New Crimean Political Prisoner Complains of Torture
In an open letter, Alexander Kostenko says that he is subjected to constant ill-treatment and threats in order to force him to give testimony against EuroMaidan activists. As reported, Kostenko was arrested and remanded in custody in early February on charges relating not only to events that took place before Russian soldiers and tanks imposed Russian legislation on Crimea, but not even in Crimea.
The Crimean Human Rights Field Missionthat Kostenko’s lawyer Dmitry Sotnikov has called on the SIZO [detention centre] administration to carry out an investigation and take the appropriate measures. He says that not only was Kostenko brought to SIZO with signs that he had been subjected to torture, but he is now facing regular beatings.
Olha Skrypnyk, Deputy Head of the Crimean Field Mission notes the overtly political nature of the Kostenko case. The fact that the Russian Investigative Committee has initiated a criminal investigation over events which took place in Kyiv is, she adds, in breach of criminal law and the principles of territorial jurisdiction.
Kostenko was arrested in Crimea on February 8 and remanded in custody for 2 months on charges linked with EuroMaidan protests in Kyiv last February before Russia’s invasion of Crimea.
His arrest is not the only recent demonstration of contempt for fundamental principles of rule of law. The Deputy Head of the Mejlis or Crimean Tatar representative assembly, Akhtem Chyyhoz and another Crimean Tatar activist had just been arrested and detained over a demonstration the day before Russian soldiers seized control in Crimea on Feb 27,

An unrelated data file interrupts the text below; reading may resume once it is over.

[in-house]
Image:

Kostenko is charged under Article 115 of the Russian Criminal Code of “deliberate infliction of mild damage to health for motives of political, ideological, racial, ethnic or religious hatred or enmity, or hatred or enmity in relation to a social group”.
There is no information about the specific injury the officer from the Crimean Berkut unit is alleged to have incurred. Nor is there any clarity as to how the “investigative body supported by the Crimean Prosecutor’s Office” should have determined that the injury was inflicted deliberately, and presumably “for political or ideological motives”.
There were obvious reasons why the court should have refused to consider any application to detain Kostenko, namely that any alleged action took place in Ukraine and under Ukrainian legislation. It would have been equally clear to the court that the only ‘evidence’ against Kostenko came from Berkut officers who were heavily implicated in the violent measures deployed against predominantly peaceful EuroMaidan protesters. The court ignored all of that and Kostenko was remanded in custody for 2 months. Nor does it seem likely, considering the statements made by the so-called ‘prosecutor’ Natalya Poklonskaya, that Kostenko will be the only person detained in the monstrous travesty of a prosecution now unfolding.